Promoting physical activity and healthy diet through the media is a cost effective and highly feasible intervention.

Cost-effective measures for reducing harmful alcohol use include increasing alcoholic beverage taxes, regulating the availability of alcoholic beverages, restricting marketing of alcoholic beverages and drink-driving countermeasures.

The majority of non-communicable diseases can be averted through interventions and policies that reduce major risk factors.

Currently, many low- and middle income countries have health systems that do not meet the requirements for chronic care.

Cardiovascular mortality rates have declined substantially in high-income countries. The decline is due to both prevention and treatment interventions.

Access to care, oral morphine and staff trained in palliative care is limited in many low- and middle-income countries, so that most cancer patients die without adequate pain relief.
When cost-effective healthcare interventions are complemented with population-wide prevention strategies, a significant impact can be made on the global NCD epidemic.

To improve efficiency, health-system policies should prioritize interventions that are essential for preventing the progression of NCDs. Limited resources and weak health systems in low- and middle-income countries, demand prioritization of a package of essential NCD interventions, including best buys (high impact, very cost-effective, affordable and feasible interventions).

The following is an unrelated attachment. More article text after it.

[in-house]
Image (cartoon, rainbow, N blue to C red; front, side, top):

Financing and strengthening health systems to deliver the best buys through a primary healthcare approach is a realistic first step to achieve the long-term vision of universal coverage.

According to WHO, in the past decade, countries have expanded their capacities to respond to the epidemic of non-communicable diseases. Real progress, though uneven, has been made. Many countries have developed NCD strategies, plans and guidelines, although a substantial proportion of them are not yet operational. Some countries have created components of the health infrastructure that is essential to containing the spread of NCDs, but have not effectively funded or implemented them. However, the existence of initiatives to combat the NCD epidemic in a growing number of countries provides a strong foundation to extend progress in the coming years through increasingly robust efforts.